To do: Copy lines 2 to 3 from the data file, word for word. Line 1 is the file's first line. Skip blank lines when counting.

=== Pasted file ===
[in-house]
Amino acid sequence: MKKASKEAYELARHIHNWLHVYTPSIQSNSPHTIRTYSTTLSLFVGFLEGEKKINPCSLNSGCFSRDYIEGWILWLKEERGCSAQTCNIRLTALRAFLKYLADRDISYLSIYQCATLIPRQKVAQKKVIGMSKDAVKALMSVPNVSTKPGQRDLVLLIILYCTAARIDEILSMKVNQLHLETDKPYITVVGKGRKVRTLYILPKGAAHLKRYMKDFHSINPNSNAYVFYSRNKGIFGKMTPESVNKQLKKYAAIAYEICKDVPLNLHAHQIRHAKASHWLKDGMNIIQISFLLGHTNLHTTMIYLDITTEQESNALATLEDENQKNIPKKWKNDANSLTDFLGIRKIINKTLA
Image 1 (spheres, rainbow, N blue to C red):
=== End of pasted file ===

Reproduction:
Amino acid sequence: MKKASKEAYELARHIHNWLHVYTPSIQSNSPHTIRTYSTTLSLFVGFLEGEKKINPCSLNSGCFSRDYIEGWILWLKEERGCSAQTCNIRLTALRAFLKYLADRDISYLSIYQCATLIPRQKVAQKKVIGMSKDAVKALMSVPNVSTKPGQRDLVLLIILYCTAARIDEILSMKVNQLHLETDKPYITVVGKGRKVRTLYILPKGAAHLKRYMKDFHSINPNSNAYVFYSRNKGIFGKMTPESVNKQLKKYAAIAYEICKDVPLNLHAHQIRHAKASHWLKDGMNIIQISFLLGHTNLHTTMIYLDITTEQESNALATLEDENQKNIPKKWKNDANSLTDFLGIRKIINKTLA
Image 1 (spheres, rainbow, N blue to C red):